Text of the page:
Order Management & Fulfillment

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IBM Sterling OMS Performance Insights - Part 4

By Litty Kuriakose posted Thu May 13, 2021 09:24 AM

Co-authored by @Layana Abraham

Avoid using complex database functions in SQL queries, instead use binding variables

This is part 4 of our blog series aimed at providing tips on how to optimize performance of your IBM Sterling OMS. In each blog, we address common issues that affect performance, best practices for addressing them, and real-world performance issues customers have faced and how they were resolved.

Here, we’re going to discuss how to avoid using complex database functions in SQL queries that increase high wait times, by using binding variables instead.

Problem Statement

Database monitoring report has listed a library cache lock wait event for an update query.


As part of order fulfilment flow, when a consignment of shipments is dispatched from the warehouse, the order status update data sent to IBM Sterling OMS to create/confirm shipment information is processed by an integration server (CSM Dispatch). Post business changes made to receive input data at the shipment level, instead of at the shipment line level, lead to library cache lock wait events being reported.

  • Observed a high response time for the Integration server. 
  • Observed a high wait time for an update shipment line query on table YFS_SHIPMENT_LINE.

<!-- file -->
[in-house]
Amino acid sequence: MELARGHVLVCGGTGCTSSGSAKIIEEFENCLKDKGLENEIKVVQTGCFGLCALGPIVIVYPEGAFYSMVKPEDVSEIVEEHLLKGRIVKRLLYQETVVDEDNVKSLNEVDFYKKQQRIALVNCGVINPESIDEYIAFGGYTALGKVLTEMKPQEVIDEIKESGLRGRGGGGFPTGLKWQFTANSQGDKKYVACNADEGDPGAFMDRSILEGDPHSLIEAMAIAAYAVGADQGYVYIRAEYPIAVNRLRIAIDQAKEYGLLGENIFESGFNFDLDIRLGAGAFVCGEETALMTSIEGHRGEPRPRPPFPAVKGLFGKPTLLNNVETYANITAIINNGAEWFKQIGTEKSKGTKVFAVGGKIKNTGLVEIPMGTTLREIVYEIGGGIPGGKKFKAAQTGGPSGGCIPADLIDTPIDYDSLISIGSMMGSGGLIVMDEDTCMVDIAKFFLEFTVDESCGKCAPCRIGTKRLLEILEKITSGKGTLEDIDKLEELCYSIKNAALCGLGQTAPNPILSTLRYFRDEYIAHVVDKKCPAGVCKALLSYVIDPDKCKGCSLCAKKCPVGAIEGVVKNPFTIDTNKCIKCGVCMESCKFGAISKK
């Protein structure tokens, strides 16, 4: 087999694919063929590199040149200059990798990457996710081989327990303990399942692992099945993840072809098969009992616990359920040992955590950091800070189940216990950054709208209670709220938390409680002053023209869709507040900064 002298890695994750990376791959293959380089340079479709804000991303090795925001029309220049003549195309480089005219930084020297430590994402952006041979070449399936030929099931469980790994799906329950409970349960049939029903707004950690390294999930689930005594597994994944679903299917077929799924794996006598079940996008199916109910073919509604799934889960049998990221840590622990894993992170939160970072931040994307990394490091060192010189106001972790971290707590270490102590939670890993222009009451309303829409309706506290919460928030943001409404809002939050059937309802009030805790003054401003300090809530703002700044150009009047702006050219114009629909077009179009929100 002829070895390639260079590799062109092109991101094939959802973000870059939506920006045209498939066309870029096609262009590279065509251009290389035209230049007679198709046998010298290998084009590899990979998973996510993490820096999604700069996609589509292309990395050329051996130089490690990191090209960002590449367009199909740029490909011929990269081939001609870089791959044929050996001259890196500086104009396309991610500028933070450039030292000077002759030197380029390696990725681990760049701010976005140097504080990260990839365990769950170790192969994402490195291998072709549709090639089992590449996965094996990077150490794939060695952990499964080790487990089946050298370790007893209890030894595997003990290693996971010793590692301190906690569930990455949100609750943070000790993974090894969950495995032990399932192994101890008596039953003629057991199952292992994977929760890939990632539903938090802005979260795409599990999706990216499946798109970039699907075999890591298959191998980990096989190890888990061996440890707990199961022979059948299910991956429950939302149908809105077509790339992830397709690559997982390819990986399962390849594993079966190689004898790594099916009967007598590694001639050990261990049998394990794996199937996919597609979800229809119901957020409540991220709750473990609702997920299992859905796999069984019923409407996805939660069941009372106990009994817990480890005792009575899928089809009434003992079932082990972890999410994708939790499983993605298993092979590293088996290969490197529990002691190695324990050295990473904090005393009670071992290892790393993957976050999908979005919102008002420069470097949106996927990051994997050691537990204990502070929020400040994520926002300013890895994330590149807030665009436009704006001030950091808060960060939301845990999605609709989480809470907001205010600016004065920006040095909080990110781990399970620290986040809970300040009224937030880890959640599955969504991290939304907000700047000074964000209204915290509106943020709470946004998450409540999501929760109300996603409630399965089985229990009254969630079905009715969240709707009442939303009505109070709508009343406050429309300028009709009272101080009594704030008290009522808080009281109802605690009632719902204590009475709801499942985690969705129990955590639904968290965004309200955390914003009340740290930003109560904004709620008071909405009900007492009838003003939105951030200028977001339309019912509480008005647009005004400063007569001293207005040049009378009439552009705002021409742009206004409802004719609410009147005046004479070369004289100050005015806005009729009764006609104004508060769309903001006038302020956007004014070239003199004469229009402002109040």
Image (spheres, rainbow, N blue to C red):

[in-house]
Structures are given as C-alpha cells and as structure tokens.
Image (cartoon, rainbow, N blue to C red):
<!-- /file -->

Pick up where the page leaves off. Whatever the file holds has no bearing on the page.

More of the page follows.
• Elapsed time for the query varied from 136 ms to 800 ms. 
  • The usage of SYS_EXTRACT_UTC(TIMESTAMP '2020-01-22 07:32:53.000+00:00’) in the update query resulted in a high number of hard parses of the query when each of the timestamp values being passed differsconsidering they are new literals.
  • As the hard parses increase, so do the number of processes waiting to acquire lock on library cache thereby increasing contention and memory consumption.
  • On review of code, it was also observed that the prepared SQL statements were being executed inside FOR loop for each shipment line in the code, adding to more executions. 
  • As a result, the number of executions and the execution time of the query increased resulting in the high wait time affecting the processing time of the integration server.

Fix Provided

  • Fix done by using binding variables in the update query instead of SQL functions.
  • Further code optimizations done to place the prepared SQL statement outside the FOR loop.
  • Remove explicit commits for update in the code as IBM Sterling OMS takes care of commit.

Performance Improvement

Using binding variables instead of SQL functions along with the other optimizations described above provided the following benefits:

  1. No library cache lock wait events for the update shipment line query were reported and the elapsed time was reduced from 162 ms to 0.4 ms, as shown in the table below.

  2. High reduction in Hard Parses in the database from 146821 to 3.

  3. Significant improvement in the average response times for the integration server, down from 860ms to 136ms, as shown in the graph below.

For more details on this particular scenario, please contact me (@Litty Kuriakose) or @Layana Abraham 
and stay tuned for the next blog in this series.


In case you missed our previous performance insights, you can access them below.

Part 1: How to mitigate the risk of a production application server outage

Part 2: How to avoid redundant organization configuration

Part 3: Fixing network latency with a dedicated network adapter